Friday, 8 October 2010

Friday 8th.October 2010

This morning was Autumn , grey skies and mist . By lunchtime , Summer had returned , and by the time I arrived at High Elms , 21C. was showing on the car thermometer . Needless to say , teeshirt was the order of the day , and I can remember many Summer visits to the site , in much cooler conditions .
A quick look at the dipping pond started the visit . No Damselflies at all , but good numbers of Common Darter , including ovipositing pairs , 3 male Migrant Hawkers , arguing , even though there wasn't a female about , and 2 male and 1 female Southern Hawker , pictured , again the female laying her eggs in the mud on the top of the bank . Best bird of the visit , a Green Woodpecker , was put up on my arrival at the pond .
I decided to follow my Butterfly Transect route as near as possible , as the Conservation Field is now padlocked , with grazing sheep doing their job . I had obviously hoped to find some butterflies given the conditions , but the only recording was a single Meadow Brown , just outside the Conservation Field . Several areas of long grass and Thistle have been mowed since my last visit , so my chances of finding a Wasp Spider on site is virtually zero now .
But all was not doom and gloom , as fungi are still showing well , and a few new species were found :
Clitocybe geotropa , these can grow to between bread and dinner plate size .
Amongst the leaf litter , Clavulinopsis helvola .
A species which appears every year near one of the tees on the Golf Course , Cortinarius purpurascens .Deep in the woods , whilst looking for the black version of the White Helvella posted yesterday , I found several troops of Clouded Agaric-Clitocybe nebularis .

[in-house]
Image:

On reaching the 5 bar gate at Burnt Gorse , the area was alive with Ladybirds , sadly very few were native species , the large majority being of the Harlequin species . Several Robber Flies were also sunning themselves on the gate , but the two species didn't clash . Walking across Burnt Gorse and back in such conditions , seemed very strange without a single butterfly .
Back in the woods , I found this caterpillar . I feel as if I have posted this before , and as usual Dean came up with the answer , but I am at a loss again for the ID . I found 2 more Magpie Fungus in the usual area , but then found 5 more , in various stages of development , in a totally different area . This was one of the new 5 , coming towards the end of it's time .A stump in the sunlight looked on fire with Calocera viscosa supplying the flames .
Within 10 metres , my second Stinkhorn of the Autumn , the specimen in the middle already collapsed and finished , but above and to the left , the white egg , from which two more fruit bodies will emerge .
With the sun sinking , the cloud began to roll in again , bringing back Autumn .

1 comment:

Anonymous said...

Sorry Greenie, can`t help with the caterpillar id at the mo. It looks familiar, but just can`t seem to put a name to it.